Farmers earning extra income and Delhi's air quality improving, take a look at this innovation.

vidyut mohan

Are you a farmer and are you burning the crop waste after harvest? Wait.. Don’t do that anymore! Not only that this act causes serious environmental pollution, it also deprives you of enjoying the lucrative benefits that Takachar offers you. Confused? Let me take you through the story of Vidyut Mohan, whose innovation is aimed at helping farmers find profitable uses for their crop waste. The winner of the Earthshot Prize, a million pound, Vidyut Mohan has got a lot to offer the farmers as well as to Mother Earth.

The Earthshot Environmental prize was introduced by Queen Elizabeth II's grandson Prince William, to reward the efforts of eco-enthusiasts to save the planet in the face of climate change and global warming. Each of the finalists for the Earthshot Award chosen by experts from more than 750 nominations is extended support from leading private sector businesses to develop their ideas. In 2021, when the names of the finalists for their contributions towards the five U N Sustainable Development Goals were announced, the list saw the name of Vidyut Mohan, a 30-year-old eco-enthusiast from Delhi, India.

The Delhi Entrepreneur’s Quest To Finding A Solution:

Vidyut Mohan who was brought up Delhi came face-to-face with the effects of the deadly smog emitted because of burning the straw or stubble - the crop waste after the harvest. Vidyut, who has always been passionate about clean and accessible energy solutions as well as creating income opportunities for the downtrodden, started to decode answers to the questions raised on the increasing imbalance between the economic growth and climate change in developing countries. After he conducted research for his Master’s thesis at TU Delft, he came back to India and worked with the rural communities in the Himalayas. There, he helped convert pine needle waste into a profitable charcoal-based product. Here is where he gained experience and knowledge in converting farm residue using technology. Vidyut is a fellow at the School for Social Entrepreneurs India and was also named as an UNLEASH Energy Talent in 2017. Vidyut, who is also a 2019 Echoing Green Fellow, directed his work to convert farm residue using technology and support farm-based livelihoods simultaneously. His passion gave birth to Takachar in 2018, a company that recycles agricultural waste and transforms into marketable products.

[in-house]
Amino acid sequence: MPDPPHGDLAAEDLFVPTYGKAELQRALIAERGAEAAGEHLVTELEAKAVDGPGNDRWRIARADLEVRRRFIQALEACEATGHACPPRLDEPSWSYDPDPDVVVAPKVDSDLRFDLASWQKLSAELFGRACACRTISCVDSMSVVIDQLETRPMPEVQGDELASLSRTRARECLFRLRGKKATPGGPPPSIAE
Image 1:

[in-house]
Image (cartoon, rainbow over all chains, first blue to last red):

Farmers earning extra income and Delhis air quality improving, take a look at this innovation

At Takachar:

At Takachar, rural farmers are given an opportunity to earn alternative income by converting their crop residues into useful chemicals like activated carbon (AC). This puts an end to burning the crop residue and also results in the manufacturing of biomass-based activated carbon replacing the fossil-based AC. By using small-scale, low-cost and portable biomass upgrading equipment; incorporating a concept called ‘oxygen-lean torrefaction’, the conversion of waste into solid fuel, fertilizer and other speciality chemicals is done, thereby reducing the carbon emissions resulting from the burning of crop residue. By the process of torrefaction, moisture and volatiles are removed from biomass and bio-coal is left behind. Further, the torrefaction reactors turn small pockets of biomass into products which can be re-used in agriculture. The process taken up by Takachar reduces the cost of logistics of hauling loose, wet, and bulky biomass. Charcoal is made from the rice husks, straw and coconut shells purchased from the farmers, thus creating extra income for them. Ever since its inception, Takachar has worked with around 5,000 farmers and processed 3,000 tonnes of crop residue. The amount of crop and forest residues that are being transformed into profitable products by Takachar is increasing every year.

Vidyut Mohan was awarded the “Young Champions of the Earth” 2020 award by the UN environment agency for his work to reduce air pollution associated with burning crop residue and also helping farmers increase their income. According to the UNEP, “by 2030, Takachar will impact 300 million farmers, create USD 4 billion/year equivalent in additional rural income and jobs, and mitigate one gigaton/year of CO2 equivalent”. Wow! We see that working already! We wish Vidyut Mohan and his team great success in their path towards a cleaner and better earth.

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